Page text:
The outer boroughs might never be able to compete with Manhattan when it comes to their sheer number of annual restaurant openings. But that doesn’t mean there was a lack of dining excitement in Brooklyn and Queens this year. (Especially in where Brooklyn is concerned!) Which is why we’re showcasing some of our favorite, far-flung spots of 2014 — from Semilla, a fantastic, vegetable-focused tasting room in Williamsburg, to Mu Ramen, a pop-up turned permanent noodle sensation in Long Island City.


We’re feeling pretty grateful that the quirky Williamsburg restaurant, Isa, imploded a few years back, because its talented team dispersed, and went on to open truly exciting projects. Ignacio Mattos launched Estela, one of our favorite restaurants of 2013, and after working for a while at pop-ups, Jose Ramirez-Ruiz and Pam Yung finally found a landing pad at Semilla — serving an endlessly inventive, all-vegetable tasting menu. Burdock Root Arancini and Celery Root Tagliatelle, anyone?

Delaware and Hudson

It’s not often that Michelin honors Brooklyn restaurants, year-old eateries, or female chefs, which is why Delaware and Hudson’s earning a star was wholly unprecedented, albeit highly deserved. And the truly awesome thing is, it will only set you back $48 for four Michelin-approved courses at Patti Jackson’s charming Williamsburg boite, such as Pappardelle with goose ragu, Black Sea Bass with cauliflower puree, and an assortment of appetizers to share, including Swiss Chard Pie, Salt Cod Croquettes, and Jackson’s infamous puffy Pretzel Rolls.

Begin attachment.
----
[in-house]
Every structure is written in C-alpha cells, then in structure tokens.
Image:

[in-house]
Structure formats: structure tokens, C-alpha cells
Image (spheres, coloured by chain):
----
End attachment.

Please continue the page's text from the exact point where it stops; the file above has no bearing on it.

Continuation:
Mu Ramen

What started as a late-night pop-up inside of a Long Island bagel shop has quickly become one of the most sought after tables around. Per Se veteran Jonathan Smookler, and his wife, Heidy, are the masterminds behind Mu Ramen, which draws enthusiastic hordes of ramen-lovers from all over the city (including NYT restaurant critic, Pete Wells), for hearty bowls of Tonkotsu or Spicy Miso, Smoked Trout Okonomiyaki, and the luxurious “U&I,” a pile of spicy maguro, ikura, rice, and sesame roasted nori topped with melting lobes of uni.